2013 BMW X1 xDrive35i Rocky Mountain Review By Dan Poler
By Dan Poler
Rocky Mountain Bureau
The Auto Channel
New to our shores for 2013 is BMW’s X1, a vehicle seen on the roads of Europe for a few years now( Read BMW X1 European Review). The X1 borrows from other BMW platforms – a little from the 1-series, a little from the 3-series, close ties to the X3 – to build a fun, sporty, yet practical compact SUV.
The X1 is available in a variety of configurations starting as low as $30,800 with the 2.8-liter 4-cylinder engine, an eight-speed automatic transmission, and rear-wheel drive. Ours came as an xDrive35i, equipped with BMW’s 3.0-liter TwinPower Turbo engine good for 300 (!) hp, a six-speed automatic, and all-wheel drive. Although a great configuration and a good deal of fun to drive, the price of options can quickly add up.
On the outside at a first casual glance one might mistake an X1 for its big brother, the X3 – but as you get closer you notice the size. At a little over seven inches shorter in length and five inches smaller in height, it’s not a very big car particularly for its class. From a side profile, you also notice the long hood beginning at the angular, aggressive headlights; the cabin is set far back in the car.
Our tester came to us in a color BMW calls Glacier Silver Metallic. It looks less shiny and pure than the Titanium Silver Metallic of years past – it seems as if BMW’s silver has picked up some blue over the years. The tester was also configured with BMW’s Sport Line package, adding some nice features like 18” alloy wheels and sport seats with adjustable thigh support, but also some less-than-nice features like door mirror caps and interior trim in high-gloss black – a code-word for “plastic” that doesn’t reflect the character of a premium German vehicle.
Elsewhere inside the vehicle, we find … BMW. The interior is a bit on the small side, but the feel of the leather and the fit-and-finish is timeless; the instrument cluster and controls classic, with their gentle amber glow. A nice touch included in the Lighting Package on our tester was the ability to switch certain amber interior lighting to white for better visibility – the dash still remains amber, however. The iDrive display in the X1 is nicely integrated into the dash; although the display is small, unlike in the new 3-series it doesn’t feel like a stuck-on afterthought. There are a few details in the interior that feel flimsy, such as a second front cupholder that sticks out from the center console like an appendage.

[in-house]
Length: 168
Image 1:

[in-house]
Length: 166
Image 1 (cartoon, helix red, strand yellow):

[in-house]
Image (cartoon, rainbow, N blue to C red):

One point we didn’t care for – the coral red color of the leather interior. Very few vehicles can pull off red leather, and the X1 isn’t one of them. The color would be beautiful in a roadster like BMW’s Z4 but it just doesn’t seem right in a small SUV, particularly considering the ever-so-slight blue tint of the exterior.
Driving the X1 is everything expected from the combination of a relatively small and light body with BMW’s 3-liter turbocharged inline-6 under the hood. As we always find with this engine, the 300 hp is ready at a moments notice, and the six-speed shiftable automatic shifts quickly and smoothly. Blessedly absent is the muddy steering feel we’ve found in recent BMW’s with electric power steering; the X1 feels as a BMW should – light, responsive, fun. Other than the relatively high seating position, you forget that you’re driving a small SUV – one might think that the X1 feels like the X3, but the driving experience is really closer to that of the E90 3-series. And that’s a very good thing. Only when you look back and see the hatch do you remember that this is, indeed, a capable little SUV.
Courtesy of that lack of muddiness in the steering, handling is excellent and responsive. The ride is very firm, but capable, holding corners tight and not letting go. Even on a bit of ice in an early-spring storm the X1 performed admirably. We averaged 24 mpg overall during our time with the car, a nice result given the power of the engine.
We like the little X1, with the utility of a proper hatch – although small – but with the handling and performance characteristics of a BMW compact sedan. We think that it will do well here and we look forward to seeing more of them on the roads here in the Mountain West.
BMW X1 xDrive35i Price as Tested: $48,395.00 Engine Type: BMW TwinPower Turbo 24-valve inline 6-cylinder engine with high-precision direct injection, Valvetronic, and Double-VANOS steplessly variable valve timing Engine Size: 3.0 liter Horsepower: 300 @ 5,800 RPM Torque (lb-ft): 300 @ 1,300 RPM Transmission: 6-speed steptronic automatic transmission with adaptive transmission contrl and ECO PRO mode Wheelbase / Length (in): 108.7 / 176.5 Curb Weight: 3,891 Pounds per HP: 12.97 Fuel Capacity (gal): 16.6 Fuel Requirement: Premium unleaded Tires: Pirelli Cinturato P7; 225/45VR18 Brakes: Ventilated disc Suspension, front/rear: MacPherson strut / Modified MacPherson strut Drivetrain: All-wheel drive EPA Fuel Economy - MPG city / highway / observed: 18 / 27 / 24 Base Trim Price: $38,450.00 Options and Charges Metallic Paint: $550.00 Sport Line: $1,900.00 (18” light alloy wheels, door mirror caps in black, sport seats, high-gloss black interior trim) Cold Weather Package: $550.00 (Heated steering wheel, heated front seats) Lighting Package: $450.00 (Ambiance lighting, automatic high beams) Ultimate Package: $5,000.00 (Premium Package – universal garage-door opener, keyless entry, auto-dimming mirrors, lumbar support, interior mirror with compass; Technology Package – voice-command, real-time traffic information, navigation system, BMW assist with Bluetooth, iPod and USB adapter; Driver Assistance Package – rear-view camera, park distance control)Satellite radio with 1-year subscription: $350.00 BMW Apps: $250.00 Delivery: $895.00 Price as tested: $48,395.00